The common stereotype about women among sexually frustrated, mostly parents’ basement-dwelling, men is that girls only go for attractive, rich guys, and never the nice, tender guys with warm hearts and chic fedoras.

Well, when it comes to one of those observations, anyway, there appears to be at least one cultural precedent of a diabolical hidden message that seemingly proves the stereotype right in one of the very words that defines men and women’s relationship in Japan…

At this top of this page, you’ll see the the kanji character for husband (“otto”), which is commonly used to describe someone’s husband indirectly (women tend to directly refer to their husbands by pet names, the most common being, “anata,” which loosely translated means something like, “Hey, you over there.”). It’s a fairly simple character and one that Japanese learners meet not too far into their studies. So far, so unremarkable.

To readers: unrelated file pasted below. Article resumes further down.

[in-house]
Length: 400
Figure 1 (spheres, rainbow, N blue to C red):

But let’s see what happens when we flip it upside-down:

▼ Hey, doesn’t that look a bit like…


▼ Well, this is awkward.


And, lest you think this is totally a coincidence that a vertically flipped “husband” should come out as the symbol for Japan’s currency, there’s actually a relatively common Japanese Internet joke that the perfect boyfriend or husband in Japan is…an ATM.

“Has money, never talks back, always on time, never forceful, doesn’t work on holidays, warm to the touch.”


So, the resemblance is a little eerie, to be sure, but there’s actually no deeper purpose here outside of a funny Internet meme, mostly because the Japanese don’t actually even use the yen symbol unless dealing with foreigners. They typically go for the native en (円) except maybe for when talking about international currency exchanges or something. History – insofar as I had time to Google – is pretty unclear about the¥symbol’s origins or whether it was devised by a Japanese or non-Japanese person.

The most commonly accepted theory, of course, is that it’s just a Y for “yen” with two lines through it – because that’s, like, just what you do with currency symbols – because in native Japanese it’s sometimes pronounced “en” and sometimes pronounced “yen” depending on the numbers that precede it, which was apparently terribly confusing to old-timey foreigners.

So, rest assured guys; this doesn’t mean Japanese women see yen signs whenever they look at men and probably aren’t waiting on proposals from ATMs.

Source: alfalfalfa
Feature image: Kanji Jiten